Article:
The Adelaide Cemeteries Authority approached Artlab Australia regarding the conservation of the Benjamin Morey wooden grave marker located at West Terrace Cemetery, Adelaide, South Australia.
The grave marker was carved from a single slab of Kauri pine, presumably in 1892. After nearly 130 years of weathering, the marker was in a very poor condition, with incised carving barely visible in the heavily weathered surface. The grave marker had a severe split up through the middle and the base was badly compromised by wet rot.
In consultation with a heritage expert from Heritage South Australia, it was decided the marker should be removed and archived as the original document and replaced with a replica.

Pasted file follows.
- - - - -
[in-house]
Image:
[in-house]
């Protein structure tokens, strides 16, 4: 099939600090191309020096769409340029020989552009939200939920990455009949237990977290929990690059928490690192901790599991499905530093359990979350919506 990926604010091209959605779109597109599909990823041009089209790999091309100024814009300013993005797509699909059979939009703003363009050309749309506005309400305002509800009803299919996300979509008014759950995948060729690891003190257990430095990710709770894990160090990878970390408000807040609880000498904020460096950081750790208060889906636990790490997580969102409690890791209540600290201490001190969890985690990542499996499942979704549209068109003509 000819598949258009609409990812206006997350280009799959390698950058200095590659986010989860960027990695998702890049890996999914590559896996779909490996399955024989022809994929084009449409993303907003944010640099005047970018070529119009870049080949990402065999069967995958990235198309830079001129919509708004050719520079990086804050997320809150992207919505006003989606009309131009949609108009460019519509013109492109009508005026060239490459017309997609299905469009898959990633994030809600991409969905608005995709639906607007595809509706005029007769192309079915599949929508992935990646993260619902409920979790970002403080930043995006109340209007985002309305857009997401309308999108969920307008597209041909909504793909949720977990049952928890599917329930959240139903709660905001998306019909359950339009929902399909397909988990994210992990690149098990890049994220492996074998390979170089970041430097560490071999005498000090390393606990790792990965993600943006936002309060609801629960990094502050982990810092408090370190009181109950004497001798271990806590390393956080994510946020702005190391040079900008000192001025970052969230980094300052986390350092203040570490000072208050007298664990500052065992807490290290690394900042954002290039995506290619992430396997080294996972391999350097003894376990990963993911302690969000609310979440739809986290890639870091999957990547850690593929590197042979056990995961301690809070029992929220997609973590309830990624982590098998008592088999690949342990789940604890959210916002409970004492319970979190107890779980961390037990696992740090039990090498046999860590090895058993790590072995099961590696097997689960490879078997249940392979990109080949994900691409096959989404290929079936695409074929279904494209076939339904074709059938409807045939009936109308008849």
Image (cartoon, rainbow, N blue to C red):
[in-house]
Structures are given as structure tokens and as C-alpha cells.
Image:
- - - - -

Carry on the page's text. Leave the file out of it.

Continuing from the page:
Unable to source a solid single slab of Kauri pine, red gum timber was chosen as a substitute. This decision was based on the timbers durability, availability, historical use and also, it is a native to the area.
The text was traced from the original and over-layed onto the new timber slab. The font was extrapolated from a few letters that had received the least amount of weathering. The text was then incised into the timber surface using a variety of chisels and gouges.
The red gum replica was installed at the grave site and the original grave marker will be permanently on display in a new exhibition space at West Terrace Cemetery at a later date.
Abby Maxwell-Bowen, Conservation Project Manager and Justin Gare, Senior Objects Conservator removing the original Morey grave marker from
West Terrace Cemetery, Adelaide.
Justin Gare examining Morey grave marker.
Detail of lettering template.
Justin Gare carving the lettering on red gum marker.
Detail of carved lettering.
Abby Maxwell-Bowen and Justin Gare installing the new red gum grave marker at West Terrace Cemetery, Adelaide.